Coming to terms with depression in your twenties.
Abby Norman in Human Parts
DEPRESSION IS LIKE HAVING A POPCORN KERNEL LODGED in the back of your throat: it just sits there, irritating you, irritating your body. You can ignore it but, eventually, there it is again, scratchy and pissing you off. It’s not your fault it’s there and try as you might, you can’t seem to expel it. You forcefully cough, poke it with a toothbrush until you gag, make that weird hacking noise that makes everyone look at you funny: they don’t understand what you’re doing, and you could give them context but some of them still won’t get it. They’ll just shrug and say, “I don’t eat popcorn.” Other people might cast their eyes downward and nod knowingly, “Yep. I’ve been there.”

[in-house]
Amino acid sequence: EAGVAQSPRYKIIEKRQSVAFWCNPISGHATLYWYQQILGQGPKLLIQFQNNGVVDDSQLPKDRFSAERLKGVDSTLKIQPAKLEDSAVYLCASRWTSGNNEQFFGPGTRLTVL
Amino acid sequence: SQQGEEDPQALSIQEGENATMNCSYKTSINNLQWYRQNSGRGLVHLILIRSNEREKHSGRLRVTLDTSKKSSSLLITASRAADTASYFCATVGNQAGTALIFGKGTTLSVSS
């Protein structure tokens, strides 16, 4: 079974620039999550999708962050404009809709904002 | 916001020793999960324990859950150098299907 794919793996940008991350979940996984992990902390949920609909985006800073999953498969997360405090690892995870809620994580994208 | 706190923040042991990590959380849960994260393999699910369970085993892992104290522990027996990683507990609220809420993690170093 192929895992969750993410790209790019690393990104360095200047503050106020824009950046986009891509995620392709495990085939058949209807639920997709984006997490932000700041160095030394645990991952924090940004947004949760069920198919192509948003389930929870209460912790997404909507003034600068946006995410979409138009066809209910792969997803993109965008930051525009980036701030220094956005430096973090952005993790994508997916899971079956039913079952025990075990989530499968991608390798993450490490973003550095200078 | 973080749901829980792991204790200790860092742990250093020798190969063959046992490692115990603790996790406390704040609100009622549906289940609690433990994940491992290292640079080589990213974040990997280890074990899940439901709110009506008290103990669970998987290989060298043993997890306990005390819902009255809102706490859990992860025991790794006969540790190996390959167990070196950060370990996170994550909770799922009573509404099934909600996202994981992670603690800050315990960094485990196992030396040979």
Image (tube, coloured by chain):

Eventually, though, the popcorn kernel will dislodge and you’ll be good-as-new. But what if it didn’t? What if once it got stuck there, it stayed and became a constant source of pain and irritation for you? An isolating, seemingly silly problem that slowly becomes a fixation and negatively affects your life?